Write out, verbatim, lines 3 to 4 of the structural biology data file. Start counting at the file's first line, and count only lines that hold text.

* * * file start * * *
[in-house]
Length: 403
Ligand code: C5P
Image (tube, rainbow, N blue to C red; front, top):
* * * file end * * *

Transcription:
Ligand code: C5P
Image (tube, rainbow, N blue to C red; front, top):